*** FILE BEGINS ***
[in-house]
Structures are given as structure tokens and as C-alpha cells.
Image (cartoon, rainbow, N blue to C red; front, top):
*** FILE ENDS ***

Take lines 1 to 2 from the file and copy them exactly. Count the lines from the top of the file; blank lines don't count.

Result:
[in-house]
Structures are given as structure tokens and as C-alpha cells.